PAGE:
Majority choose the materials assigned, but some do not
Eighty percent of faculty indicated they select the course materials they assign, and 29% report using a standard set of required course materials that were selected by a campus or departmental committee/designee or at the district, system, or state level.
Quality is the most important factor when choosing course materials; cost a close second
Overall content quality and cost are considered important by an almost equal percentage of instructors when selecting course materials. However, 52% of faculty selected content quality as the most influential factor compared to only 12% who selected cost.
Many do not understand their role in textbook affordability and don’t view it as a priority.
While in most instances, faculty are selecting the materials students are asked to buy, 55% of faculty report being unsure about the role they play in textbook affordability and more than 40% of faculty do not view textbook affordability as a priority for their institution, themselves or the campus store.
Faculty are slow to shift to digital: majority prefer print
When asked about their format preferences, 50% of faculty say they prefer a print textbook while 20% prefer using print with additional digital components. Only 7% of faculty stated they prefer using a digital format while teaching.
Faculty mainly unfamiliar with open educational resources
Despite the buzz surrounding open educational resources (OER), many faculty still lack knowledge about these materials. Overall, 48% of instructors are not aware of or have only heard about OER, while 34% are aware of OER and how they can be used.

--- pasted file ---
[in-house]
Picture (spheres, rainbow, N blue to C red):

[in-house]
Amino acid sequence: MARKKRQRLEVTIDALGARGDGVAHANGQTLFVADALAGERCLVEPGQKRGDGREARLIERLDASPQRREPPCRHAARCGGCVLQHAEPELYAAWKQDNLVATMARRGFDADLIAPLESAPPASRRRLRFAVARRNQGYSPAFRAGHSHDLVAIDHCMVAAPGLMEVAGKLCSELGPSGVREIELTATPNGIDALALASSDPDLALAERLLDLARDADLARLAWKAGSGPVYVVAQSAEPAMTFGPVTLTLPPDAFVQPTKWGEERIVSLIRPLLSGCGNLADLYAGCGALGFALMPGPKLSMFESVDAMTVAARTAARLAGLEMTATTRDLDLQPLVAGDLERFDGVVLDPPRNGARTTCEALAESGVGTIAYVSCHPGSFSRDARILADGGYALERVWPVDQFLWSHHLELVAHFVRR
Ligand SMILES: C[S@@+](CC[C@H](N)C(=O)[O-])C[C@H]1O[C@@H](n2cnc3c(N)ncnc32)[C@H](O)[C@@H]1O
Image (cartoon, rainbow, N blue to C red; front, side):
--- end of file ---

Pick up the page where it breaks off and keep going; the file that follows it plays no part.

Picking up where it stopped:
About the Study
Faculty Watch is an in-depth study of faculty attitudes and behaviors toward course materials. The study was conducted online in the spring term. It is designed to proportionately match the most recent figures of U.S. higher education published in The Chronicle of Higher Education: 2015/2016 Almanac. Twenty-nine institutions were selected to participate based on the following factors: public vs. private schools, two-year vs. four-year degree programs, enrollment size, and geographic location. Participating campuses included:
- 29 institutions
- 16 U.S. states and 1 Canadian province
- 24 four-year campuses and 5 two-year campuses
- 23 public institutions and 6 private institutions
- 12 institutions had less than 5,000 students enrolled, 7 institutions had 5,000 to 9,999 students enrolled, 4 institutions had 10,000 to 20,000 students enrolled, 6 institutions had more than 20,000 students enrolled
Campus stores distributed the survey to their faculty by email. The survey fielded for a two- or three-week period in March/April 2017 and yielded a total of 1,946 responses. The margin of error for this study is <2.5% at the 95% confidence level.